Beautiful Rio de Janeiro Photos!

Bring Your Camera!

Despite what's reported about petty crime, Rio de Janeiro photos can be safely taken in many parts of the city. The key is to exercise caution and to use common sense.

Rio is one of the world's most beautiful urban areas. Gorgeous picture opportunities abound, especially along Ipanema and Copacabana beaches and at the main sightseeing areas of Sugarloaf and Christ the Redeemer Statue.

Excellent pictures can be taken at the parks of Jardim Botanico, Tijuca Forest, Forte de Copacabana, Forte Leme, and Parque Catacumba. The beaches just outside the city are outstanding places to take Rio de Janeiro photos in a more carefree manner, especially at the pristine Joatinga, Prainha, and Grumari beaches.

On this page, we have posted a slide show of some of the many pictures we have taken during our more recent visits to Rio. We include Rio de Janeiro photos on most of our website pages, but since space is limited, we created the slide show to share other pictures as well.

Also on this page we list our Insider's Tips for taking Rio de Janeiro photos.

Rio de Janeiro Photos Slide Show

Click the Play Button above for Brazilian music to go along with the slide show pictures!

Rio de Janeiro Photos Insider's Tips

  • Camera - Take a small pocket digital camera to Rio with you. One that's the size of a deck of cards is preferable. The slimmer and less conspicuous the camera, the better. Most of the pictures on this site were taken with a Nikon CoolPix S51 8.1 megapixel camera.
  • Keep the camera out of site - Put it in a zippered pocket or in a wallet sized pouch attached to your belt, and keep it covered by your shirt. For about US $5, you can buy a small, leather zippered, single compartment wallet, at the Ipanema Hippie fair or other craft markets. You can also use one of these small pouches to carry cash and credit cards.
  • Buddy system - It's best to have someone "watch your back" while you are taking a picture. This gives you the opportunity to relax and get the best shot. Your buddy standing behind you, watching and looking around, will generally deter most opportunity seeking pickpockets.
  • Avoid taking pictures on a crowded street or sidewalk - Be patient and wait until the foot traffic thins out and then get your best shot.
  • Beach Photos - Don't take your camera to the beach if you are there to hang out or swim! Street kids will steal your stuff when you are ogling the guy or girl next to you, while you are snoozing, or when you are otherwise distracted. The best Rio de Janeiro photos of the beach are taken in the early morning or early evening, when the sun is lower in the sky or is setting. The crowds are thinner at these times as well. Take your pictures early, stash your camera back in the safe at the hotel, and enjoy the rest of the day at the beach.
  • Bonus Insider's Tip - At sunset, don't miss the opportunity to take pictures from the rocks at Arpoador Beach, or from Ipanema Beach looking down to Leblon Beach and Dois Irmaos Mountains. There will be many Cariocas and other tourists doing the same thing.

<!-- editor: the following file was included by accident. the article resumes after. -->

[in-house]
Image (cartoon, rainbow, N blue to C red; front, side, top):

• Out on the town at night - Bring a disposable camera and get the pictures developed at the Walmart back home. You will probably be half loaded when you take these shots anyway, so quality is not the goal. Good memories (Lembrancas) are what you want, so don't spoil the evening by getting mugged over a $200 digital camera.

  • When you've been drinking or plan to drink - Knock back a few cold chopps or caipirinhas in the 90 degree heat, and your guard comes down very quickly. Leave the camera in your room or bring that cheap disposable.
  • At the restaurants - Rio waiters are great about taking group photos of Gringos having a good time at dinner. If you are taking a taxi to the restaurant and back to your hotel, hostel, or apartment, then bring your camera with you. You won't be the first tourist to take a picture of a waiter serving those amazing churrascaria steaks.

  • The main tourist sights - It's very safe at the main attractions, so bring your camera and go crazy. Impress your friends at home with fantastic photos of Rio from atop Sugarloaf and Christ the Redeemer Statue. Keep your camera out of sight coming to and from your destination.

  • The "edgier" parts of town - During the day, you can take your camera to Lapa, Santa Teresa, and Centro. Just use extra common sense and utilize your buddy system. Watch out for the kids hanging on the outside of the open tram (bonde) to Santa Teresa, as these little jerks are known to grab purses and cameras and jump off. Don't bother chasing them up the steep cobble stone streets, as they run like mountain goats.

  • Beaches out of town - No worries here, if someone did swipe your camera, he would have to run a mile or so to get away. The Surf Bus is a great way to get to and from these beaches and it's pretty secure transportation. Don't press your luck by leaving your wallet and camera on the beach while you hit the surf. Have someone watch it for you.
  • What else? Above all, just use common sense when taking Rio de Janeiro photos in the city or at the beaches. There are plenty of fantastic photo opportunities.

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